Singer-songwriter, Zella Day, has dropped “Holocene,” the track, a message of hope and unity and a call for reflection. “Holocene” is a collaboration with Natalie Mering of Weyes Blood. The sonic exploration by the duo has been in the works since the public display of their undeniable vocal chemistry following an invitation from Lana Del Rey for the pair to join her onstage during her Norman Fucking Rockwell Tour at the Hollywood Bowl.
Holocene features lush harmonies layered over syncopated beats and gently strummed guitars. Mering contributed vocals, keyboards, and co-production on the track, which was written by Day, Mering, and Mia Kerr. The production of Holocene was led and recorded by Gus Seyffert (Beck, Michael Kiwanuka, Bedouine, Dr. Dog, Jenny Lewis).
“Zella and I already had a sisterhood thing going on, and it made sense to get a song together that captured the uneasiness of these times, the acceleration of uncertainty,” notes Mering.
“These days it seems music is the only superpower I can count on to protect me from the threats that lurk within the complete unknown. If hope were a paper airplane and shot into the sky I grabbed it with my hands as it was floating by and unfolded the paper to absorb the contents inside. ‘Crazy Train’ was scribbled at the top of the page and when I looked to see what the words were that were bleeding through from the other side of the paper Holocene was there waiting to be sung. There was laughter in the room when the songs were made, tears being shed on the other sides of the walls, but I’m not going to sit here and pretend that I didn’t cry in the studio too. We’ve all needed a refuge this year, this is a glimpse into mine,” says Day.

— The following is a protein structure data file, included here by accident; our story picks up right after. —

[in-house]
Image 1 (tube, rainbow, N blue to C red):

“Over the last year I have found myself living in two conflicted mental states: days where I’m impassioned, so many words and thoughts surrounding our current climate extending throughout my being. The other reality is emptiness, a complete loss for words. Exhaustion. Loneliness. Sometimes loneliness becomes a giant casting a long shadow that I can’t outrun. I learned not to be too hard on myself in these moments, ultimately trusting that the motivation to create would eventually come back to me. “Holocene” was the rain that fell. It’s a collection of thoughts, a song for the interpersonal relationship between the world inside and outside of ourselves.”